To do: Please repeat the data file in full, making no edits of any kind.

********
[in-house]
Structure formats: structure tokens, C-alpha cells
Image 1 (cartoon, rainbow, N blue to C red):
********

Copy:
[in-house]
Structure formats: structure tokens, C-alpha cells
Image 1 (cartoon, rainbow, N blue to C red):